James Patrick’s Blog

March 22, 2010

Background of 2 Timothy (Winds of Doctrine #8)

Filed under: Exegesis,History,Theology — alabastertheology @ 5:35 pm
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By the time of writing his second letter to Timothy, it might have appeared that Paul’s authority over the church in Ephesus had been weakened through church leaders in the province abandoning him to his fate, even if they had not also abandoned his gospel (2Tim 1:15).  Their fear of suffering was probably quite justified, as Nero had started an intense persecution against Christians in AD64 and before his own death in AD68 had executed both Peter and Paul in Rome along with many other believers.  Paul’s denunciation of the heresy of Hymenaeus, Philetus, and Alexander had apparently added to his suffering at the hands of the authorities (2Tim 2:8‑9, 17‑18; 4:14‑15), yet he stood firm in his fearless proclamation to strengthen those whose faith had been shaken by both heresy and persecution (2Tim 2:10, 18; 4:17).  Unlike other leaders, Timothy had been unashamed to be known as Paul’s co-worker, and having survived opposition in Ephesus, Paul was now urging him to go one step further and share in his suffering by joining him in Rome (2Tim 1:8, 12, 15‑16).  Had heresy still been a threat to the church, Paul would not have risked calling for Timothy, but clearly the foundation Paul had laid in the Ephesian church had managed to weather the storm of false teaching (2Tim 2:19).  This church itself was the precious treasure Paul had entrusted to Jesus to preserve blameless until His coming (2Tim 1:12; cf. 1Thes 2:19‑20; 3:13; 1Cor 1:7‑9; Php 1:6), and also entrusted to Timothy (2Tim 1:14), and his trust had not been disappointed (2Tim 2:19).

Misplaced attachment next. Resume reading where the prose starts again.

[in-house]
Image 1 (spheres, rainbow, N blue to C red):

Even so, the clean-up operation was not over.  The false teachers had been routed, but remaining disputes within the church over words and speculations had to be corrected by Timothy without resorting to the quarrelling approach of the false teachers (2Tim 2:14, 16, 23‑24).  They were still in the area (cf. 1John 2:19; 4:5-6; 2John 1:10-11), and permitting ‘worldly, empty chatter’ might encourage their teaching to spread like gangrene, requiring further amputation (2Tim 2:17).  Just as in his first letter (1Tim 5:20, 24‑25), Paul views immoral living as evidence of doctrinal error, which is why leaders with such problems had to be removed from authority.  Church members, though, who remained in the congregation despite moral failure and doctrinal issues, were instead called upon to repent and so be cleansed and restored like polluted but precious vessels (2Tim 2:19‑22), which was ultimately Paul’s intention in excommunication also (1Tim 1:20; 1Cor 5:5; 2Cor 2:5‑11).  Timothy was told that loving admonition would hopefully bring church members who still opposed him to repentance and thence to knowledge of the truth (2Tim 2:25‑26).